Progress Without People: New Technology, Unemployment, and the Message of Resistance

Front Cover
Between The Lines, 1995 - Automation - 166 pages
Is there anything in common between the age of automation now upon us and the first industrial revolution long ago (circa 1790-1840)? Yes. Both surged ahead with technical progress and production, and eliminated jobs without jobs for the workers. Both claimed that technological progress was inevitable and would automatically put things right. In this respect, the age which first established factories and the age with automates them are alike. We know that the job-killing of the late 18th and early 19th centuries hurt both the cottage workers, and the communities in which men and women lived and which depended on them, and a system of production that extended far beyond pelle like handloom weavers. We know that jobs in the new mechanized industry, to compare with the old, did not multiply for a generation. We know that the workers defended themselves by direct attacks on the new looms and machines intended for factory use. These movements came to be known as Luddism. It is this subject area that David F Noble goes to immediately in order to provide a detailed analysis of the effect of automation in its mechanized and computerized forms. As a historian of technology, he knows, for example, how history has been distorted so that the term Luddie can be used to target any who try to save their jobs or control the condition of life in their immediate work areas, on idustrial, office, retail or service jobs. [Eric Hobsbawm] A wonderfully erudite, lengthy polemic against the machine, with a foreword by Stan Weir. "Today, when respectable discourse still requires euphemistic substitutes for 'capitalism', it is difficult to remember that this term was itself a euphemism of sorts, a polite anddignified substitute for greed, extortion, coercion, domination, exploitation, plunder, war, and a murder. This was the list of grievances compiled by the Luddite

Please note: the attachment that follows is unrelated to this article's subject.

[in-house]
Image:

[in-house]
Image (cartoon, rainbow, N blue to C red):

Contents

Automation Madness Or the Unautomatic History of Automation
69
Appendices
143
A Note on the Author
165
Copyright

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About the author (1995)

David Franklin Noble (July 22, 1945 - December 27, 2010) was a critical historian of technology, science and education, best known for his groundbreaking work on the social history of automation. In his final years he taught in the Division of Social Science, and the department of Social and Political Thought at York University in Toronto. Noble held positions at Massachusetts Institute of Technology (MIT), the Smithsonian Institution and Drexel University, as well as many visiting professorships.

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